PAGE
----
Heart Failure Reviews

, Volume 21, Issue 6, pp 795–802 | Cite as

Darwinian evolution and cardiovascular remodeling

  • Bernard Swynghedauw


Mechanotransduction, MT, is an ancient evolutionary legacy existing in every living species and involving complex rearrangements of multiple proteins in response to a mechanical stress. MT includes three different interrelated processes: mechanosensation, mechanotransmission, and mechanoresponse. Each process is specifically adapted to a given tissue and stress. Both cardiac and arterial remodeling involve MT. Physiological or pathological cardiac remodeling, CR, is firstly a beneficial mechanoresponse, MR, which allows the heart to recover to a normal economy, better adapted to the new working conditions. Nevertheless, exercise-induced cardiac remodeling is more a coming-back to normal conditions than a superimposed event. On the longer term, the MR creates fibrosis which accounts, in part, for the reduced cardiac output in the CR. In the hypertension-induced arterial remodeling, arterial MR allows the vessels to maintain a normal circumferential constraint before an augmented arterial pressure. In atherogenesis: (i) The presence of atheroma in several animal species and atherosclerosis in ancient civilizations suggests more basic predispositions. (ii) The atherosclerotic plaques preferably develop at predictable arterial sites of disturbed blood flow showing that MT is involved in the initial steps of atherogenesis.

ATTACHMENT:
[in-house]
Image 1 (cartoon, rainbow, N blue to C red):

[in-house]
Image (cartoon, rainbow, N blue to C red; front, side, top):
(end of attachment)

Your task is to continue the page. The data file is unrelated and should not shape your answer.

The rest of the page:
Cardiac remodeling Atherogenesis Darwinian or evolutionary medicine Mechanotransduction Fetal reprogramming Hypertension-induced arterial remodeling 


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Conflict of interest


Supplementary material

10741_2016_9574_MOESM1_ESM.docx (37 kb)
Supplementary material 1 (DOCX 36 kb)


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Copyright information

© Springer Science+Business Media New York 2016

Authors and Affiliations

  1. 1.U942-INSERMHôpital LariboisièreParisFrance

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